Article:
Columneas are members of the African Violet family (Gesneriaceae, aka the gesneriads). Since I spent three years sweating (cheerfully) in the greenhouses of a wholesale gesneriad grower, I was startled, years later, to see these guys growing at 9,000 ft elevation on the chilly slopes of Andean Ecuador. There are actually quite a few gesneriads adapted to cool tropical climates, many with the tubular red flowers so appealing to hummingbird pollinators. Warm blooded pollinators like birds are more active in cool climates than insect pollinators. Since we don't have hummingbirds, the columneas in our Tropical High Elevation House will have to settle for the attentions of humans instead.

The type specimen (upon which the published description was based) was collected in 1980 in Ecuador north of Gualaquizza at 1600 meters elevation by Dr Cal Dodson, distinguished orchid botanist.

Wednesday, April 16, 2014

Behind the Scenes: Repotting

Orchid repotting starts early here--in February. The catasetums and their relatives (Mormodes, Cycnoches, Clowesia) are always first off the mark, producing new growth before any other group of tropical orchids. For these guys, there is a window of opportunity for repotting, an optimal time between the appearance of the new shoot and the maturing of the new pseudobulb, that lasts only about a month. After that it's too late. If we miss that window, we have to wait another year.

Because the Catasetinae repotting season coincides with Orchid Daze, sometimes it's a race to finish repotting them before the window slams shut. As you can see in the photo above, I'm running late on repotting: the basal part of the new new shoot on our Mormodes has already begun to thicken and the new roots are at a dangerously fragile stage in their development. They break so easily!

We have been growing our catasetums, cycnoches and mormodes in a bark based mix (which they prefer here) in net pots with large openings. To keep the bark from emptying out the bottom, we have been lining the net baskets with moss--with unhappy results. The moisture in the sphagnum produces a spectacular growth of mold on the bark. Eww. Time for a new approach!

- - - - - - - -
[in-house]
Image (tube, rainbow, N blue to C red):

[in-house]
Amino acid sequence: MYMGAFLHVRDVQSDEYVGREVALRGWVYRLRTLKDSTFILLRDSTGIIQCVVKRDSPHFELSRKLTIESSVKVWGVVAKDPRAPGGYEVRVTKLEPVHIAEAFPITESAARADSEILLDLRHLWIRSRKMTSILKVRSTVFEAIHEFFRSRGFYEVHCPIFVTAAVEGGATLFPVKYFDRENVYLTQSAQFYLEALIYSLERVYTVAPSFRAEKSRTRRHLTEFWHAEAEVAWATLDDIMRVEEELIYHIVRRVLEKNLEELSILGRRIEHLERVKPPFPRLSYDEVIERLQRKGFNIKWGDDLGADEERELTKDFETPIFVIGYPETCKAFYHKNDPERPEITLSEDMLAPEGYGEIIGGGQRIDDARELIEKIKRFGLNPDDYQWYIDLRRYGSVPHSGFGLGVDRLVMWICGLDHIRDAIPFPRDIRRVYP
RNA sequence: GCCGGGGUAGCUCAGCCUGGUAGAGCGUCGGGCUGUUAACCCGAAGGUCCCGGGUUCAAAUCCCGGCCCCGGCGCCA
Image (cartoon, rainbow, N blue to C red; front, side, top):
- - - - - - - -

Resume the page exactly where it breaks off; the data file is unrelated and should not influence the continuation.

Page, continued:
First, I wash the root mass to gently remove some old potting medium and to expose the roots. It then becomes easy to see that many of the roots attached to the older pseudobulbs have died. This is typical. Catasetums have a strongly annual growth cycle and put a tremendous amount of energy every year into new root and shoot production. Many of the older roots shut down at the onset of dormancy. I cut those away with a clean razor blade.

This year I'm using using net pots with smaller holes. No moss is needed as a liner. That should eliminate the mold problem. The new net pots are manufactured for hydroponic growing.

Next, I center the new shoot in the pot, with the older growths against the side. I hold the plant in my left hand as I fill the pot with mix using my right hand. The potting medium is equal parts fir bark, charcoal and sponge rock. We make the mix ourselves from the individual components.I like to rinse the bark under running water beforehand to remove the dust and sediment sized particles.


The label and data card goes on last. Labels are always attached to the pot with telephone wire --plastic coated 22 gauge copper wire. We can't risk losing the data.

An afternoon's repotting. There will be more next week!

Tuesday, April 1, 2014

Paphiopedilum chamberlainianum

Paphiopedilum chamberlainianum is one of the prettiest slippers in our collection. And although our plant originated in a commercial laboratory, it is impossible for me to look at it without remembering that the history of this species in cultivation is bittersweet.  P. chamberlainianum was part of the great wave of 19th century orchid introductions motivated by profit, not science.

Paphiopedilum chamberlainianum is endemic to a fairly small area on the island of Sumatra. It was introduced into cultivation in Britain the late 1890's by the orchid nursery, F. Sander & Sons. The nursery, founded by Henry Frederick Conrad Sander in 1881, specialized in orchid species and was supplied by numerous collectors commissioned by Sander to collect plants in both New and Old World tropics. Sander & Sons was just one of several firms fueling the orchid craze with vast quantities of orchids.

One of Sander's collectors, Wilhelm Micholitz, collected extensively on expeditions to the Philippines (Phalaenopsis micholitzii), Moluccas, New Guinea (Coelogyne micholitzii), Burma and South America. Micholitz shipped Paphiopedilum chamberlainianum (as P. victoria-regina) to Sander & Sons from Sumatra. Like many slippers, P. chamberlainianum has an extremely narrow distribution, making it vulnerable to over collection and habitat loss.

Our Paphiopedilum chamberlainianum seems to always be in flower. Each inflorescence produces four to eight flowers, opening one at a time over a period of several months.

If you're having trouble distinguishing Paphiopedilum chamberlainianum from other closely related species, remember that P. chamberlainianum is characterized by stripes on the dorsal sepals, P. glaucophyllum by its glaucous (dusty blue-grey) leaves, and P. liemianum by leaves bearing hairs on the margins and purple spots on the undersides.

Our Paphiopedilum chamberlainianum is happiest when we can keep the greenhouse temperature in the intermediate range (58º night minimum; 82º day maximum), a task grown more challenging in recent years as the outdoor temperatures trend upward.